Failure Is the Tuition Entrepreneurs Pay to Know Success The most common way to learn what works is first suffering through what didn't.

By Kimanzi Constable

Opinions expressed by Entrepreneur contributors are their own.


Life would be fantastic if everything always went as planned. Life isn't a movie where everything magically works out in the end. In business, things frequently go wrong. It can be something small like money wasted on a bad strategy, or it can be a major incident that requires legal help. There are failures every entrepreneur has to face on the journey to create a business and life they love.

At that moment when things don't go as planned -- a time of failure -- you have a choice to make. You can let the failure define you, or you can use it as a life lesson that helps you become a more well-rounded entrepreneur. What we fail to realize in moments of failure is that there are clues that can help avoid the same mistakes and grow our business.

In 2011, I had to admit that my first business and life were a failure. I was $180,000 in debt and losing customers left and right. As much as it hurt, I started over. It took three years, but I paid off all the debt, lost 170 pounds, and moved our family from Wisconsin to Maui, Hawaii. It hurt to let go of what I built from scratch, but I made the choice to use it as a learning experience. Here are five ways failure can make you a better entrepreneur.

1. It teaches you not to get comfortable.

When things are going well, it's easy to put business on autopilot. You're less likely to take risks when what you're doing is working. Failure is a wake up call to the fact that complacency quickly kills progress. When you experience failure, you realize that you can't rest on what used to work. You have to continue growing with new and innovative strategies.

Related: No Matter What They Say, Failure Sucks

2. It teaches you need a backup plan.

When Plan A doesn't work, failure teaches that having a Plan B, then Plan C, is a good idea. Your backup plan should include an emergency fund. In a moment of failure, you might need that resource to keep your business alive. Learn the lesson before experiencing failure. Have a plan for when things don't go as planned. Your plan should include more than money. The people working for you should be clear about what happens next and what their role is.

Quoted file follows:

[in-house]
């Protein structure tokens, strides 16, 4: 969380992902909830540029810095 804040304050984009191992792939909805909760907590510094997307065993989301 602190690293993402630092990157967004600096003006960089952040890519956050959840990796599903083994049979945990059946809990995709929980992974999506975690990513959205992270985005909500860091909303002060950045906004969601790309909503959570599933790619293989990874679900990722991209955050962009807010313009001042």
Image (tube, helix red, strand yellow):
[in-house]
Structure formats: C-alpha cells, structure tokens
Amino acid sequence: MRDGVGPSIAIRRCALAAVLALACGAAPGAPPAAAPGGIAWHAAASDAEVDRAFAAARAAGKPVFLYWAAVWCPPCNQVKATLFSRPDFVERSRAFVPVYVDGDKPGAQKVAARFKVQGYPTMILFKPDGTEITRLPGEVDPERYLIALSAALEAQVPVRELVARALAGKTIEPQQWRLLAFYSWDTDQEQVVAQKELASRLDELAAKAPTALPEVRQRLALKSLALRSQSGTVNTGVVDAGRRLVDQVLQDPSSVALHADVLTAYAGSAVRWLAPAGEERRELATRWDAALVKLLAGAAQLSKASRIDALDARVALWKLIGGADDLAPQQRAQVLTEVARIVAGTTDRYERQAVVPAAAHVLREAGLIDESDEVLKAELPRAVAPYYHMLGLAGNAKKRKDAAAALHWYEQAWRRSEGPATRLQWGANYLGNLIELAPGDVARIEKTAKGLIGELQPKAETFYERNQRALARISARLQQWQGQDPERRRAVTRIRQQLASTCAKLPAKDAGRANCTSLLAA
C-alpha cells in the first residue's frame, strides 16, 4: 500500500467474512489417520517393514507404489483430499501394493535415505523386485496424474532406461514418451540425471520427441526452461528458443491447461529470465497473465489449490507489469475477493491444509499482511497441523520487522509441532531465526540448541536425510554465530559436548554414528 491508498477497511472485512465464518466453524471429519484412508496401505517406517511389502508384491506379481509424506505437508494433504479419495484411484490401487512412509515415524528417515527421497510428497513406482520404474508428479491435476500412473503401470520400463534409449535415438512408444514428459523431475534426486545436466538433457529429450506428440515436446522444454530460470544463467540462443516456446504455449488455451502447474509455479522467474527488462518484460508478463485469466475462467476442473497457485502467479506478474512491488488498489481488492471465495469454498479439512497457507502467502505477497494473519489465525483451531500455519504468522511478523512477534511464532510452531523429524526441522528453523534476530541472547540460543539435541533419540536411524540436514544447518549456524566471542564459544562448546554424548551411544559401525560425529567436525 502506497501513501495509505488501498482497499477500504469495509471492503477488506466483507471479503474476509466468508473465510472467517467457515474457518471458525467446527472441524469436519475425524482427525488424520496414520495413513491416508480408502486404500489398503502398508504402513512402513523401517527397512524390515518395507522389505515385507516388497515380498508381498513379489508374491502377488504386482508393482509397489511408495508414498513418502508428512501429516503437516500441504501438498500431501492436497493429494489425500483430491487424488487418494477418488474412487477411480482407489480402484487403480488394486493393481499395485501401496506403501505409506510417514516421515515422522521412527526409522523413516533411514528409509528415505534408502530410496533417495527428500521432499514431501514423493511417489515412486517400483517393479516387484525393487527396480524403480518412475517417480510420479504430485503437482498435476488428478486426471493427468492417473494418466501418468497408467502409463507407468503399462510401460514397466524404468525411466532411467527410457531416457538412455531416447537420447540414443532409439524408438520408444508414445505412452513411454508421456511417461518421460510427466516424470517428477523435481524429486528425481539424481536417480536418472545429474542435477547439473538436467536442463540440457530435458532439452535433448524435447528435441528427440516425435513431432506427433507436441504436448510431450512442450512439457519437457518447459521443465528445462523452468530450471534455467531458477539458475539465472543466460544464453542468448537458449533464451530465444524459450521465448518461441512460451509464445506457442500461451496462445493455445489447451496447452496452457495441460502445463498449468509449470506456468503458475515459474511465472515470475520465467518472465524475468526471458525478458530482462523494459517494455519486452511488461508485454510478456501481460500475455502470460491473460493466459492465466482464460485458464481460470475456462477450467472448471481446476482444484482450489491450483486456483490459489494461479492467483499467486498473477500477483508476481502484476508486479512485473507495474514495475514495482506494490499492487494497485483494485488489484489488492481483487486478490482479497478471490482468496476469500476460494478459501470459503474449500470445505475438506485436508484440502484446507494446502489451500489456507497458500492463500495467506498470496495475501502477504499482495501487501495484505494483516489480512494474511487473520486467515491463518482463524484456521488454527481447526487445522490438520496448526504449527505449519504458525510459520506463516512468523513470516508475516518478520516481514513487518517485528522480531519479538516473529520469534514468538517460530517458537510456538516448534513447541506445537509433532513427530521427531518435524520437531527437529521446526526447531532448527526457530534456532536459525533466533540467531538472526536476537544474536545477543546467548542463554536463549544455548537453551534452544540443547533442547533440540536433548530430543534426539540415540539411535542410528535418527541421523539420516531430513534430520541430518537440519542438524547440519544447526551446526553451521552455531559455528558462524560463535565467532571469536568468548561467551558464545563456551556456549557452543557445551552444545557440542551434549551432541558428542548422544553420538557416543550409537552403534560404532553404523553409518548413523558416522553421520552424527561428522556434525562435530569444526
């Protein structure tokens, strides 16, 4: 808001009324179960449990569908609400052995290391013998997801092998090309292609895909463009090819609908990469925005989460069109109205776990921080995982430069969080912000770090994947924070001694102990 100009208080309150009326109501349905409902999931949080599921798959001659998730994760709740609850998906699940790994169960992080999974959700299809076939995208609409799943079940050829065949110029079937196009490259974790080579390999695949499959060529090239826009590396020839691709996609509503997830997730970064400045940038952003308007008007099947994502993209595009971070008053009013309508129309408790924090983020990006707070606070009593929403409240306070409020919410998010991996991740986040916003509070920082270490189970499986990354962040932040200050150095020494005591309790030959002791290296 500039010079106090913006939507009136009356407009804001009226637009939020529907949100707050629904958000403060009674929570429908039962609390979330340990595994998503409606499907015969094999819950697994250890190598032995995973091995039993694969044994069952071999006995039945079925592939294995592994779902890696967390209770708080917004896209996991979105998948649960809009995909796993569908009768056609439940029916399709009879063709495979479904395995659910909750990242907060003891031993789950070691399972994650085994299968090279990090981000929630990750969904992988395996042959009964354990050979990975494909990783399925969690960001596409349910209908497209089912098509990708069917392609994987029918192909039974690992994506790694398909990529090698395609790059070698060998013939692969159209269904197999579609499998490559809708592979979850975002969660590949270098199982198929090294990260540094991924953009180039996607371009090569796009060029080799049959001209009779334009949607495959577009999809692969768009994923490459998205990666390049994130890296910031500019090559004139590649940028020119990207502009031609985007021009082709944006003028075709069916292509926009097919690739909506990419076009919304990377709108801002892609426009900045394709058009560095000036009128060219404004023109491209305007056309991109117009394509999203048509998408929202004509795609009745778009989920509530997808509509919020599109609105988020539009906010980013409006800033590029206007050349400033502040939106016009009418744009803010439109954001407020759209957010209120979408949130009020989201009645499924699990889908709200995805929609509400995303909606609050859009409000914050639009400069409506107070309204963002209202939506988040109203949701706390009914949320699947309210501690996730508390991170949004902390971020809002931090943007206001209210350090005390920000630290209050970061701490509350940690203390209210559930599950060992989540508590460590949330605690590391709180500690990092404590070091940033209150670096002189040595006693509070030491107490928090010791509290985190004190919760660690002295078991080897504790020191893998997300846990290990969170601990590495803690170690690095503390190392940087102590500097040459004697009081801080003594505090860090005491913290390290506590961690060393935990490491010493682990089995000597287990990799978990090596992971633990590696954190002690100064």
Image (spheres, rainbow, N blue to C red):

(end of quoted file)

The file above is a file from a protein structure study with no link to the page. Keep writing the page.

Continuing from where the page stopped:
3. It teaches the value of determination and perseverance.

In your mind, you know that it takes guts and perseverance to build and grow a business. If you never experience failure, you'll never actually know what that means in the real world. When you've overcome your emotions to formulate a recovery plan, you understand what determination is. That's a lesson that failure often teaches you.

4. It teaches you gratitude.

When you work hard and overcome obstacles to building your business, you learn to appreciate what you have even more. Gratitude is an important component of life and business. With an attitude of gratitude, you notice and appreciate the small things, and that helps you become a better business owner.

5. It gives you the life experience that makes you stronger.

The rate that businesses fail these days is sad. You probably know an entrepreneur who couldn't make it and had to close their business. It takes strength to build a business and failure makes you stronger. It helps you realize that while you aren't perfect, you have a strength that's greater than what you're experiencing at that moment.

Don't let fear of failure keep you from taking chances in your business. Don't let that fear keep you from dreaming bigger. Failure is a normal part of life and business. It happens to even the best of entrepreneurs. The choices they made are the difference between them and those who fade away.

Learn from failure and use the lessons to avoid the same mistakes. Determine to come back even stronger. If there are critics who relish your moment of failure, ignore them and continue working. Ultimately doing the work, day in and day out, is what it takes to succeed in your business.

Related: No Pain, No Gain in Startups: Short-term Suffering Leads to Lasting Rewards

Kimanzi Constable

Entrepreneur Leadership Network Writer

Content Marketing Strategist

Kimanzi Constable is an author of four books and has been published in over 80 publications and magazines. He is the co-founder of Results Global Impact Consulting. He teaches businesses modern content strategies. Join him at RGIC.

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